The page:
With round-robin booking, a guest selects a time slot from a shared pool of the entire team’s availability and meets with a single team member.  These pages aggregate the availability of many people and accounts.

A basic round-robin implementation might fetch each person’s calendar and aggregate the time slot results synchronously each time the booking page is viewed. In practice, achieving high performance and a reliable booking experience requires:

  • Pre-fetching and caching the availability of the participants to be resilient to downtime and latency spikes in the Google / Office365 / iCloud, etc. APIs, which may affect only a handful of the team’s accounts.
  • Using provider webhooks and event streams (through the Nylas Delta API) to invalidate and re-fetch calendar information as the team’s calendars change, keeping caches up-to-date.
  • Optimizing the aggregation of time slots so that scheduling can be performed for five team members or 50 team members rapidly, ensuring a smooth booking experience.

Further, you’ll likely want to tune the round-robin booking experience with two time slot algorithms that allow you to:

1) Balance the number of meetings assigned to each member of the team, or 

2) Present the maximum number of choices regardless of how the bookings (and workload!) are distributed

Most users expect “round-robin” scheduling pages to distribute work evenly, but also want them to offer time slots to their guests, even if it means giving one user yet another sales call. The optimal solution shows and hides a user’s calendar based on the recency of their last booking and the relative availability of their teammates, ensuring both scenarios are handled gracefully.

Time Zone Support

Building time zone support across each calendar provider presents its own unique set of challenges. Microsoft Exchange, for example, requires you to deduct time zone information by passing you the following data: 

  • The offset from UTC in minutes
  • The date during that calendar year when the time zone transitions to Daylight Saving Time (DST)
  • The date during that calendar year when the time zone transitions to Standard Time
  • The offset during Daylight Saving Time

From this data, you’re meant to derive a simple timestamp to shower the user – which requires some complex engineering logic.

In addition, normalizing for time zones across hemispheres presents its own set of issues. For example, the Southern Hemisphere’s summer is from December to March, and as such they go into DST in November and exit in April of the following year. Even within countries, like the United States, DST is observed in certain states but not in others. Engineers will need to write logic to support all the edge cases across states, countries, and hemispheres.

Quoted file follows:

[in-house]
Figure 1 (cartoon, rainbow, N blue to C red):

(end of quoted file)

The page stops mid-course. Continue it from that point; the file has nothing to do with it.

For full code examples demonstrating these complexities, see our blog on Developing For Time Changes in the Western Soviet Union here

Event Reminders

Reminders about upcoming, rescheduled, and canceled bookings are a core part of any scheduling software. While it might seem straightforward to email the calendar host and guest when a meeting is booked and remind them as the meeting approaches, there are several technical scenarios that applications need to handle to ensure a smooth booking experience:

  • When the participant declines the calendar event, it should notify the host that the meeting has been canceled.
  • When the host moves the event on their calendar, the booking should update accordingly.
  • When the host deletes the event on their calendar, it should notify the guest that the meeting has been canceled if they haven’t already declined.
  • When the guest books in another language, their reminders and emails should use the same language their browser was using during booking.
  • Email delivery or service issues should never result in reminders being delivered after the booking has taken place.

Building Scheduling UI/UX

Scheduling workflows require well-researched and intuitively designed interfaces in order to maximize productivity. The UI/UX must account for each workflow and edge case your users require. 

Simple workflows, like scheduling a single meeting directly from a web page, don’t require a particularly heavy design lift. As you add complexity to workflows, like personalized headshots, on-brand colors, elements, fonts, and more, supporting the vast array of user’s branding guidelines can take more time than you want to dedicate to the visual scheduling experience.

Race Conditions